Hopefully, your class isn't like that.

A Doc 2 Be said...

@ Adam - for the most part, right now, we're being asked to memorize 28 pka's, and about 20 functional groups. The pkas are in both DMSO and H2O where feasible; also we need to know which H is the most acidic... in the long run that will probably help as we start moving electrons with a catalyst... I'm using the functional groups as a help as I memorize those; simultaneous but not quite.

@ MSO - my ochem professor is rated very highly - he sees his job as a coach; we started with basic Lewis structures along with formal charge, then built isomers and resonance structures, then built into acid/base, and finally into gauche/anit structures. We just completed an in-class on chair structures which I get to s certain extent (after trying to figure it out while falling asleep, I dreamed the resolution)... anyway, I think I have it and if I play with the actual model kit, I bet I'll just "know" which H are axial and which are equitorial. Right now, I'm a little confused on how to draw them...

We've likewise spent a considerable amount of time on sp3, sp2, sp... and hybridization which I finally get!! Yeay me. After 7 straight hours sitting in a chair in the library (yeay for Concerta!), I finished the 100 problems, with 4 sub-components per problem, tonight - for the first chapter! I feel sooooo behind.

Sounds like I got a professor like yours and is a blessing... in many aspects - he actually wants his students to succeed; even premeds!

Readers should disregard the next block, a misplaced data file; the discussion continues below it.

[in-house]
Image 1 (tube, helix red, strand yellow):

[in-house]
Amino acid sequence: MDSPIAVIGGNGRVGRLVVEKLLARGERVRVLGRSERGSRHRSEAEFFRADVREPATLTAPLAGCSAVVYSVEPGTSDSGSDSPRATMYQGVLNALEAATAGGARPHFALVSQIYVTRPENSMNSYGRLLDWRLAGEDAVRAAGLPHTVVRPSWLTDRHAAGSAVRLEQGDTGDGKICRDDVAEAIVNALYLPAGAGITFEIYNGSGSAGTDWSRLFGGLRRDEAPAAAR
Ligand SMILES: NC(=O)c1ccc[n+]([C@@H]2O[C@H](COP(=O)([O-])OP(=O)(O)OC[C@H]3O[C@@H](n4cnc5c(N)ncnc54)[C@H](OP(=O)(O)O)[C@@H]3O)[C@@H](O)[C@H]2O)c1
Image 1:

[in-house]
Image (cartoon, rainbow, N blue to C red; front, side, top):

I "took" one of his former exams tonight while studying. Got a 96/100... Does not mean I'll quit doing the homework problems or quit studying, just means I'll continue to amp the pressure on me to "get" that 96 on the actual exam.

What a "A" in ochem would do for my applications!! :)

Anonymous said...

Sounds like you're prof is one of the good guys. Spend a lot of time on resonance, orbital hybridization, and molecular orbitals - the bulk of organic chemistry is explained by those three topics.

The topics in organic chemistry seem hard because it's the first class that really pulls back the curtain and shows you what is actually going at the molecular level. Electrons are not point particles, nor do they orbit the nucleus or reside in nice, well-defined orbital hybrids. You're being introduced to a very profound idea and skipping over a lot of things in between - perhaps that is why it feels so alien at first. There are a tremendous number of "lies" that are being corrected.

Glad to hear you have a good professor and based on your performance on the practice exam, I think you'll do just fine.

But, not to burst your bubble, even with an A in both semesters of organic chemistry, you will still feel like your application is less than acceptable and that you are a less-than-stellar applicant. I certainly do.

A Doc 2 Be said...


I never feel like I'm a great candidate; in fact most days, I wonder why I'm trying to do the unthinkable at this age with my u-grad GPA from 30 years ago.

My focus is on today, and not what I cannot fix. What happens, happens...

I'm just hoping to be given a chance!